The familiar monoliths of the DUP and Sinn Fein have cracked slightly
The election results are in and although most of the major victories were predictable, there is some shift in the political landscape. The familiar monoliths of the DUP and Sinn Fein have cracked slightly, with smaller groups on both sides making some gains.
On the republican side, dissidents and other splinter groups have gained a little ground while the TUV and, significantly, the UUP have fared better in the overall unionist vote.
These changes were perhaps inevitable. In a healthy democracy the major parties cannot always rely on unquestioning support – and mid-term disillusion with governing parties is common.
It's the same in Great Britain during mid-term elections when candidates from the governing party or parties can often fare poorly.
A multiplicity of voices across the political spectrum is good for democracy.
It is worrying, however, that dissident Gary Donnelly gets any support at all – never mind topping the poll in his ward. But the 32 County Sovereignty Movement is a micro group which offers nothing but a nihilistic outlook. On the positive side, it could be argued that this shadowy group is much better testing its support through the ballot box rather than being apologists for those who resort to the bomb and the bullet.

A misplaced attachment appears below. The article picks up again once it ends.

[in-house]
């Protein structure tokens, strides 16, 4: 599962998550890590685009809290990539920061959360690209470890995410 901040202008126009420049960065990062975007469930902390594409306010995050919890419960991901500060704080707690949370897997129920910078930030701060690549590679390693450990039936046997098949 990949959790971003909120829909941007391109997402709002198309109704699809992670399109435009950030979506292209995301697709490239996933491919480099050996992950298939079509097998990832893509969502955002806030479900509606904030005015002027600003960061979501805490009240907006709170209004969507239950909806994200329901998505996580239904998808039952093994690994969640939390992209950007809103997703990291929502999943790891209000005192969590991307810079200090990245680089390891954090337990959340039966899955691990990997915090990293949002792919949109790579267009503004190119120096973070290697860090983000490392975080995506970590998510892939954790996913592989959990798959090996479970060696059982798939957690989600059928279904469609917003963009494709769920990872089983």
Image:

Over on the unionist side, the UUP will no doubt be satisfied with their improved showing, particularly as the party had the biggest share of first preferences in Armagh, Banbridge and Craigavon.
In doing so, they have underlined their staying power in some of the heartland unionist areas.
The DUP and the Alliance Party will both point to the positive aspects of their results, and while it is significant that Alliance has done well in east Belfast despite the Union flag controversy, both parties are squaring for a significant – and bitter – battle in next year's Westminster elections.
This year's local council results will herald a radically new pattern of local authorities across the province, and it is to be hoped that the new slim-line councils, and their new powers, will produce good results.
It will take people some time to get used to the new configuration, and the councils will not be fully operational until next year. However a new system and new faces can only be good for local council politics.